The first Venice Biennale of Architecture in 1980 was one of those events whose later reputation far exceeds the amount of attention it attracted at the time. Although attended by a relatively modest number of people, the Biennale has come to be seen as a defining moment and a turning point in relation to the history of architectural postmodernism. Routinely referred to, often with an assumed familiarity, by people who forget that they never actually saw it themselves, the exhibition has acquired a formidable afterlife, as Lea-Catherine Szacka calls it. It has been in this afterlife that the exhibition came into its own.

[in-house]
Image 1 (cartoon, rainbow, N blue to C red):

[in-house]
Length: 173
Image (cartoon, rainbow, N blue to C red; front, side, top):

Lea-Catherine Szacka is an architect, architectural historian, and writer based in Paris and Oslo. She is currently an associate professor at the Oslo School of Architecture and Design (AHO) and a member of the Oslo Centre for Critical Architectural Studies (OCCAS). Her research focuses on the theory and history of architectural exhibitions.